Like so many pieces of advanced technology, everyone uses a cell phone, but rarely can we explain how it works. If asked to explain, more than likely something about air waves and frequencies will turn up, but typically this just adds to the confusion.
Whether they are used for voice or date transmission, cell phones rely on a network (called a “cell”, hence the name “cell phone”) made of base stations, antennas and electronic equipment. The easiest way to understand cell phone use is considering it an advanced two way radio. When someone speaks into their phone their voice gets converted to radio waves. Next, the radio waves travel until they reach a nearby base station. Then the base station sends the call across the communication network until it reaches its destination—in other words, the person you are calling. Finally, the person receiving the cell phone call has the base station near them translate the air waves (sent from the first station) into a voice message.
Telephone network’s base stations are usually fitted with a microwave antenna. For optimal range they are typically mounted high on a tower or pole. In the early days of car phones each city had one antenna, and as a result, the phone itself required a bigger antenna in order to make a connection up to about seventy kilometers. Another limitation was the limited number of people who could simultaneously use the phone.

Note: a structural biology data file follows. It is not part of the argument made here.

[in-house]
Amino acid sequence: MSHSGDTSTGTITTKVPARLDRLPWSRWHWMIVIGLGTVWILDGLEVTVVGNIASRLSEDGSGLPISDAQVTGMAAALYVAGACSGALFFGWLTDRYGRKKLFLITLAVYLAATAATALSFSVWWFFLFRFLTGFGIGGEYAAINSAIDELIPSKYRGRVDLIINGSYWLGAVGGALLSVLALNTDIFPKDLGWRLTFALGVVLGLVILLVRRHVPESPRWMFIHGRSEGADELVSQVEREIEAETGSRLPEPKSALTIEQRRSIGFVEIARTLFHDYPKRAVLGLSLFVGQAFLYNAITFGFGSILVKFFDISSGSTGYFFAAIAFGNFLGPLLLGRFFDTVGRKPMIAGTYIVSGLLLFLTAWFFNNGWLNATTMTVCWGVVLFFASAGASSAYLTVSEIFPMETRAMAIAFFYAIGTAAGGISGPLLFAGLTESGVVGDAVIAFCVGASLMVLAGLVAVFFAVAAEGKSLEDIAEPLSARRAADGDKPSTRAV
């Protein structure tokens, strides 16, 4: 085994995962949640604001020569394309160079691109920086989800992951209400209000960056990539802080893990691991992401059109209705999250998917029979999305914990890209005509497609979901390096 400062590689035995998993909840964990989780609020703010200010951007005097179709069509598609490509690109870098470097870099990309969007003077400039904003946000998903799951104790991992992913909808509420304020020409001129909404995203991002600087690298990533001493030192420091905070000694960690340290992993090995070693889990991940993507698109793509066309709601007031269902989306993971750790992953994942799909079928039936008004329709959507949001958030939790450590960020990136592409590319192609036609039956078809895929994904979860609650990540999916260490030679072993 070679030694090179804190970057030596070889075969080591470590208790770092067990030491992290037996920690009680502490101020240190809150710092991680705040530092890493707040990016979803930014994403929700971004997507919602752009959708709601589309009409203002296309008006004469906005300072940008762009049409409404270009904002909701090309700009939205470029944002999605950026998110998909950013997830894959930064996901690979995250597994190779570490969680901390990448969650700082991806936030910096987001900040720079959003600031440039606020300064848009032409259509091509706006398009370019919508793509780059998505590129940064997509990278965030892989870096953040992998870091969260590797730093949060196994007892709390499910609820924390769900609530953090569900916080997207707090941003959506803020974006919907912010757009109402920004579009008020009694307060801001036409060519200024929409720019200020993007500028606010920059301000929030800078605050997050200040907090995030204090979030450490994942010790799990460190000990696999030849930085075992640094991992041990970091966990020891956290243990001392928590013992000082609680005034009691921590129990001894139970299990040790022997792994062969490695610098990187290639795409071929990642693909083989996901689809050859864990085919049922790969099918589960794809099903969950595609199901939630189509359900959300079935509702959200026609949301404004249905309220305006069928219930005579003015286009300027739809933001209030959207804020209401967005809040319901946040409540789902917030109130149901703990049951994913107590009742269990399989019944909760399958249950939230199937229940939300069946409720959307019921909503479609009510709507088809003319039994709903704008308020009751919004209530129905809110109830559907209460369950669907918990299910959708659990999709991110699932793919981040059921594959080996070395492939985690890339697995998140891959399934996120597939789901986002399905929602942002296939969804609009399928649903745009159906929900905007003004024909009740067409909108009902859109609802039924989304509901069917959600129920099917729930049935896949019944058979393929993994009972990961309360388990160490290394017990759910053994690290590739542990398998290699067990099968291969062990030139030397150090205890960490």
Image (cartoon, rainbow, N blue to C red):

One of the keys to understanding the advancements in cell phone technology over the past couple decades is how cell phones seamlessly switch between base stations. One can be in the middle of a conversation with someone and switch back and forth between stations without noticing any interruption in their conversation. When a cell phone conversation goes from one channel to another without a disturbance it is known as a “hand-off”.
Given their ubiquity and their ability to reach anyone across the world at any given moment, it might surprise people to learn that a key part of cell phone technology is actually low power transmitters. This serves two important purposes. By sending out a less powerful signal it means the cells can reuse the same signals which leads to increased connectivity. Secondly, the lower power transmission requires a smaller battery. It’s not hard to see how this has contributed to the ever shrinking cell phone, making it truly portable compared to those of the eighties.
Cell phones are powered by rechargeable batteries. Nickel-metal hybride or lithium ion batteries are the most common battery around. Recently, many companies have switched to lithium polymer batteries because they weigh less and can be found in different shapes. Below the battery is a tiny chip known as a Subscriber Identification Module, or more commonly known by the acronym S.I.M. card. This is essentially a tiny USB card where your phones memory can be stored. Should something happen to your phone, being able to immediately store your old phones contact information is vital!
Hopefully now you can diminish the confusion when someone asks why their cell phone works!